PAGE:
This artwork is from the early Neo-Impressionism period, and it was really started and then modified in the growing Pointillist style.
The mostly self-taught Signac is still dealing with the delineation of fictive space in this early piece. The milliners’ workshop is fairly small, accentuating the sense of closeness and connection. Furthermore, the surface does not shine as it would in his works even a year later at this initial step in the formation of Neo-Impressionism.
Les Andelys (“The Riverbank”) (1886)
|Medium||Oil on canvas|
|Dimensions||65 cm x 80 cm|
|Current Location||Musée d’Orsay, Paris|
In terms of Signac’s style, the tremendous influence of Impressionism still exercised great force when he created this piece. The quick brushstrokes and realistic palette of Impressionist paintings are shown in this artwork, which was created in Les Andelys, on the riverbank of the Seine River. Lighting, as it blinks in the sky and on the waters, is given the respect it deserves in an Art piece, as evidenced in works by Pissarro and Monet, both of whom mentored (almost indirectly taught) the self-taught Signac.
In the summer of 1886, Signac spent a formative period in the little hamlet of Les Andelys, where he created 10 landscapes using the Neo-Impressionist method that he was honing in conjunction with Georges Seurat.
Les Andelys (“The Riverbank”) (1886) by Paul Signac; Paul Signac, Public domain, via Wikimedia Commons
This picture, along with three others from the series, was shown at the Salon des Artistes Indépendants in 1887. It depicted a peaceful image of village life on the river that also ran through the bustling capital city of Paris.
Signac’s works were praised by notable reviewers like Paul Alexis, Gustave Kahn, and Félix Fénéon. “Mr. Signac’s energy highlights the brilliant contrasts in his recent canvases,” Fénéon commented.
“It is the dazzle of the noon sun which is captured in these scenes; of all those that we know, they are the most thoroughly imbued with the pleasure of things and shown with the wonderful effects of light,” Kahn said of the artist’s superb representation of light.
Lady on the Terrace (1898)
|Medium||Oil on canvas|
|Dimensions||72 cm x 91 cm|
|Current Location||National Gallery of Ireland|
By 1898, when Signac created this painting in his Saint-Tropez studio, his Neo-Impressionism style had matured from his early 1880s experimental phase. Signac, who was known for producing several preliminary drawings, often in color, before commencing a painting, prepared several sketches for the piece.
The dots of his Neo-Impressionist approach have become bigger in contrast to early works, while they are still meticulous and restrained, and his palette is significantly less somber.
Lady on the Terrace or The Terrace, Saint-Tropez (1898) by Paul Signac; National Gallery of Ireland, Public domain, via Wikimedia Commons
Retreating streaks of color on the patio and sea, carry the eye from the small foreground area towards the mountains in the distance. His wife, Berthe, served as the basis for the feminine figure, which is an assertive vertical to the strong horizontal of the patio and so on. The towers and trees in this beautifully painted recollection of a magnificent sunset on the French Riviera mimic her verticality.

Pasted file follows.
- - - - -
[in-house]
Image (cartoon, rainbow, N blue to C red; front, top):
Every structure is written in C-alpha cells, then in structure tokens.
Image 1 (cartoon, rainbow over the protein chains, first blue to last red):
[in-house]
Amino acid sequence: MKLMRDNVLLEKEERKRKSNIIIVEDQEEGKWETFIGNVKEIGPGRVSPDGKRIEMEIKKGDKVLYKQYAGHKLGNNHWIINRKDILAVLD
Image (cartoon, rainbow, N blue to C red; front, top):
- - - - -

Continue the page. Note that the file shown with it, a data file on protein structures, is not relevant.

There is a sense of calm and equilibrium in this skillfully created reminder of a beautiful view on the French Riviera.
Today we covered Paul Signac’s biography, as well as Paul Signac’s paintings. However, there is even more to discover about Paul Signac the artist. Here are some good books that we can recommend to you to learn more about Paul Signac’s Pointillism technique and lifetime.
French painter Paul Signac in 1923; Agence de presse Meurisse, Public domain, via Wikimedia Commons
Paul Signac (2013) by Paul Signac
Paul Signac was a colleague and follower of Georges Seurat, who merged the technical accuracy of pointillism with the vibrant colors and emotive articulation of Impressionism. He was influenced by Monet’s works at an early age. Signac traversed the globe in pursuit of ideas for his mammoth works and was a close confidant of Vincent van Gogh, who was a huge fan of his skills.
This book delves into the complexities of Signac’s renowned technique while also highlighting the subtleties of some of his most well-known works.
Signac: Reflections on Water (2017) by Sylvie Wuhrmann
This catalog provides an introduction to Paul Signac’s color harmonies as well as a vacation invitation. Paul Signac’s career as a color-loving artist was as diverse as it was fierce. This publication highlights the artist’s creative path from his early paintings to his final watercolors, starting with one of the greatest personal collections of the creator’s paintings.
Paul Signac the artist created strong works in a variety of mediums over the course of his 50-year career. His artistic advancement started with his luminescent Plein air works of art in the early 1880s, proceeded with his experimentations of color balance and Neo-Impressionist methodology, and is intimately associated with Georges Seurat. It culminated with his fascinating mature works, in which the trials and tribulations of pointillism give rise to lushly designed, elegant color surfaces.
Frequently Asked Questions
What Was Unique About Paul Signac’s Paintings?
Signac experimented with a variety of mediums. He created lithographs, etchings, and many drawings formed of small, painstaking dots in addition to watercolors and oil paintings. The neo-impressionists impacted the upcoming generation: Signac, in particular, influenced Andre Derain and Henri Matisse, and thus impacted the transformation of Fauvism.
What Is Pointillism?
The method of adding microscopic dots of color on a surface such that they blend together optically from a distance is known as Pointillism. Georges Seurat Paul Signac is credited with inventing the method. Neo-Impressionism, a movement that thrived from the late 1880s through the first decades of the 20th century, was embraced by both.